Take Your Poet to Work Day is one of the happiest days of the year. It is marked by only the tiny sadness that it takes place in the summer. Teachers and librarians join in as best they can (sometimes from the beach—thus, we note, the sadness is but tiny) in July, but they do let us know they would love to be able to celebrate when school is in session.
This year, for the first time, we’ll be celebrating Take Your Poet to School Week (yes, all week!) during the first full week of National Poetry Month (for 2018, that’s from April 2-6). The week will culminate with Poet in a Cupcake Day on Friday. (We do not anticipate any cause for sadness over this.)
So now, in the spring, instead of poets peeking out of briefcases or beach totes (as they do in July), you might see them in a backpack. You might see them looking out the window of a school bus. You might even see them trying their darndest to get picked for dodge ball during recess. (I can assure them, if any ask, that it is not worth the trouble.)
We’ll be adding a few faces to our poets-on-a-stick collection over the next couple of weeks, and we also invite teachers, librarians and students everywhere to take one of our other poets from prior years of Take Your Poet to Work Day celebrations (they’d love to go to school *and* work). Watch for an update of our coloring book with those new faces, as well as fun new cut ‘n color cupcakes to plop your favorite poet into (in case you’d rather not bake or find real cupcake frosting just a little too sweet).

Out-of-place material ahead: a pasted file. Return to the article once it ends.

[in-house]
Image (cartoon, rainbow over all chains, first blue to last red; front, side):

Take Your Poet to School Week Cut ‘n Color Printable Shel Silverstein
Shel Silverstein was an American writer famous for his songwriting, cartoons, and children’s books and poems. His books have sold over 20 million copies and have been translated into over 30 languages.
Silverstein was born in 1930. He was expelled from Roosevelt College, where he was first published in the college newspaper. He later attended the Chicago Academy of Fine Arts until he was drafted into the Army. He served in Korea and Japan, during which time his cartoons were featured in Stars and Stripes magazine. Take Ten was his first book, a collection of his military cartoons.
Many of his songs are classics performed by famous musicians such as “A Boy Named Sue” and others made famous by Johnny Cash.
He published several books for young readers including The Giving Tree and children’s poetry collections including Where the Sidewalk Ends and A Light in the Attic.
Silverstein died in 1999.
Post and illustrations by LW Lindquist.
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